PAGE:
Carbon Nanotubes Detect Lung Cancer Markers in the Breath

Nov 20, 2008

(PhysOrg.com) -- Using an array of nanotube devices, each coated with a different organic material, researchers at the Israel Institute of Technology have developed diagnostic system that may be able to diagnose lung cancer simply by sampling a patient’s breath. The results of this study, which was led by Hossam Haick, Ph.D., appear in the journal Nano Letters.

Dr. Haick and his collaborators first created individual devices consisting of random networks of single-walled carbon nanotubes coated with 1 of 10 different insulating nonpolymeric organic materials. The investigators used standard microprocessor fabrication techniques to create the sensors. Thanks to the different organic materials used to coat the nanotubes, each sensing device provided a unique response when exposed to wide variety of the more than 200 volatile organic chemicals present in human breath.

To calibrate the devices, the investigators captured the breath of 15 nonsmoking healthy patients and 15 individuals with stage 4 lung cancer. Next, they concentrated the organic compounds in each breath sample using a method known as solid phase microextraction and then analyzed each sample using gas chromatography-mass spectrometry (GC-MS). GC-MS is a highly accurate technique that is too expensive and time consuming to find use as a routine diagnostic assay. The researchers then ran the same samples through their sensor array; the electrical output of the test devices changed in a way that was characteristic of the exact mixture of organic compounds found in the breath samples.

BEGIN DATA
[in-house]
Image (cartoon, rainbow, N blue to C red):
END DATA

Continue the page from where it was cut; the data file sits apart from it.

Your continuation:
From these data, the investigators were able to distinguish between two response patterns from each of the 10 array members. There was no overlap in the response patterns between the healthy and lung cancer patients in these first tests. The researchers are now testing their system on a much larger group of patients and healthy subjects.

This work is detailed in the paper “Detecting simulated patterns of lung cancer biomarkers by random network of single-walled carbon nanotubes coated with nonpolymeric organic materials.” An abstract of this paper is available at the journal’s Web site.

Provided by National Cancer Institute

Explore further: Scientists trace nanoparticles from plants to caterpillars

add to favorites email to friend print save as pdf

Related Stories

Fun cryptography app pleases students and teachers

4 hours ago

Up on Google Play this week is Cryptoy...something that you might want to check out if you or someone you know wishes entry into the world of cryptography via an educational and fun app. You learn more about ciphers and keys; you ...

Recommended for you

User comments : 0

Please sign in to add a comment. Registration is free, and takes less than a minute. Read more

Click here to reset your password.
Sign in to get notified via email when new comments are made.